When Millinocket guide Wiggie Robinson died this June at 85, the Maine sporting community lost more than a wonderful friend and a sportsman whose life made a difference. Wiggie represented a way of life that is not much evident any more. He was without question a real woodsman, a fast-disappearing breed of rugged individual whose hard-earned knowledge and woods skills literally changed the face of this country.

What is a real woodsman?

In a thought-provoking article in Gray’s Sporting Journal, E. Donnall Thomas Jr. explores this question. As Thomas observes, you hardly hear the word “woodsman” or “woodsmanship” used anymore. Most of us who like to hunt and fish are sportsmen, not woodsmen. Hunting woodcock in an alder run with your English Pointer, fly fishing a remote trout pond in Aroostook County, or even hiking half of the Appalachian Trail, does not a woodsman make.

A woodsman, Thomas explains, comes by his title only one way: woodsmanship. Either you have it or you don’t. A woodsman, says Thomas, knows about “knots, canoeing, fire starting, tracking, wildlife identification, camp cookery, working with dogs and horses, wading streams, staying dry, preparing fish and game for the table, interpreting and analyzing signs, skinning and stretching pelts, sharpening knives, using an ax and crosscut saw, repairing equipment, map reading, backcountry navigation by dead reckoning and compass, never getting lost and knowing what to do when you did.”

Of course, America’s most reknowned woodsmen were Meriwether Lewis and William Clark. Their expedition and the amazing survival feat that it entailed could not have left such an incredible national legacy without a vital component: woodsmanship.

Maybe it is a stretch to compare Wiggie Robinson to a Lewis or a Clark, but they all shared many skills that fall under the common mantle of woodsmanship. Wiggie did a lot more than fish, hunt and trap. He was a gatherer and consumer of wild things, whether it was fish, vension, wild mushrooms, woodcock, or fiddlehead greens. In Millinocket, his gardening skills were public knowledge. He had so many canoes stashed at remote trout ponds he sometimes lost track of them. He was a cook, a canner, and a wild cranberry jelly maker. He fixed things, and knew how to make do. He knew Katahdin country like the back of his hand, and all the critters that abound there, big or small. He knew gundogs and how to work with them. He told stories.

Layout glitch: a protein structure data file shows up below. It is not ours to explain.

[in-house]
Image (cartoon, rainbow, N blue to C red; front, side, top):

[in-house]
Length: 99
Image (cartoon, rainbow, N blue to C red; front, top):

As Thomas writes, there is also an attitude, as well, that defines woodsmen. “Real woodsmen are patient and observant. They are comfortable in the woods alone, and when they are in the company of others, their own comfort in the outdoors becomes contagious. They never ignore an opportunity to learn from what they see and hear, but they know that they’ll never learn it all.”

Wiggie Robinson personified that imponderable quality. He could have crewed for Lewis & Clark. And he would have gotten all the way to the Pacific and back, at least in his younger days. He was a true woodsman.

Does Maine have any other real woodsmen left? I can think of a few, and I’m sure that you can name a couple if you really put on your thinking cap. It would be a worthwhile exercise to identify these real Maine woodsmen and spend some time just talking.

Speaking of time, Thomas has a theory as to why the woodsman is disappearing from the American landscape. Time. Lack of time in our frenetic culture may be the culprit. There is only one way to learn woodsmanship, and that is by spending time in the woods. Lots of time.

You can become a Maine Guide by simply purchasing a guide’s study book or attending classes, but you can not purchase woodsmanship. And it is this fact that makes the woodsman so valued, so special, and why the inevitable disappearance of every true woodsman from our midst is more than a loss of the person.

V. Paul Reynolds is editor of the Northwoods Sporting Journal. He is also a Maine Guide, co-host of a weekly radio program “Maine Outdoors” heard Sundays at 7 p.m. on The Voice of Maine News-Talk Network (WVOM-FM 103.9, WCME-FM 96.7) and former information officer for the Maine Dept. of Fish and Wildlife. His e-mail address is [email protected]


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